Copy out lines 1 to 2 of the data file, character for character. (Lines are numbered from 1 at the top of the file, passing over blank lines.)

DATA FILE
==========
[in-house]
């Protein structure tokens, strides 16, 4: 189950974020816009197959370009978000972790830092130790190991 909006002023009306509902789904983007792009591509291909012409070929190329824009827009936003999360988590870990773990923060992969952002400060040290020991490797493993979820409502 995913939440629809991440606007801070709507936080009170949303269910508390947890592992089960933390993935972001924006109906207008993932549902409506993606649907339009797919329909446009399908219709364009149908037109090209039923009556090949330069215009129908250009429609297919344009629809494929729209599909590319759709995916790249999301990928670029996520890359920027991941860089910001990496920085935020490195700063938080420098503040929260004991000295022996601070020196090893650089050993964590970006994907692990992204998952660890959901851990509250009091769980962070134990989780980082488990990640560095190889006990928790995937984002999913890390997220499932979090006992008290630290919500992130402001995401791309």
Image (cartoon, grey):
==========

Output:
[in-house]
């Protein structure tokens, strides 16, 4: 189950974020816009197959370009978000972790830092130790190991 909006002023009306509902789904983007792009591509291909012409070929190329824009827009936003999360988590870990773990923060992969952002400060040290020991490797493993979820409502 995913939440629809991440606007801070709507936080009170949303269910508390947890592992089960933390993935972001924006109906207008993932549902409506993606649907339009797919329909446009399908219709364009149908037109090209039923009556090949330069215009129908250009429609297919344009629809494929729209599909590319759709995916790249999301990928670029996520890359920027991941860089910001990496920085935020490195700063938080420098503040929260004991000295022996601070020196090893650089050993964590970006994907692990992204998952660890959901851990509250009091769980962070134990989780980082488990990640560095190889006990928790995937984002999913890390997220499932979090006992008290630290919500992130402001995401791309």